Air Astana Forced to Cancel Ulaanbaatar Service

Air Astana has cancelled the planned launch of flights connecting the capitals of Kazakhstan and Mongolia due to the revocation of permission by the Civil Aviation Authority of Mongolia (CAAM). The carrier had been due to launch direct Astana-Ulaanbaatar (Ulan Bator) flights from June 2, 2016.

Air Astana not welcome in Mongolia
Air Astana not welcome in Mongolia

An Air Services Agreement between the two countries was signed in 1992 and the memorandum of understanding establishing the number of flights to be operated was signed in 2014.
In a statement, the Kazakh carrier said it started the flight permission application process that normally takes two months, eight months before the first flight and successfully completed the audit by CAAM and was informed that there were “zero findings.” Permission to start flights was granted in March 2016.
In April 2016, however, the CAA of Mongolia unilaterally withdrew permission without any valid grounds, according to Air Astana.

Air Astana will refer the matter to the ICAO
Despite efforts by the Kazakhstan government and Air Astana itself, CAAM has not reversed its revocation quoting a range of ungrounded and changing list of reasons. These include the audit for which the airline has a confirmation it passed with zero findings; unavailability of the Ulaanbaatar Airport in June for the ASEM Summit in the middle of July; and latest an alleged blacklist by ICAO while Air Astana has never been blacklisted for any operation to any country.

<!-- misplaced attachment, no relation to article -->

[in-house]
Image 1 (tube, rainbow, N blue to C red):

Kazakhstan believes that Mongolia is in breach of the provisions of the Chicago Convention, and will refer the matter to the ICAO Council accordingly, the Air Astana statement noted.
Air Astana operates a fleet of 30 aircraft including the 767-300ER, 757-200,  A320 family and Embraer E-190. The carrier will take delivery of 11 A320neo family aircraft, including four A321 LR between 2016-2019 and three 787s in 2019.
The 2001-established airline is a joint venture between Kazakhstan’s national wealth fund, Samruk Kazyna, and BAE Systems from the UK, with respective shares of 51% and 49% respectively.

Nol van Fenema

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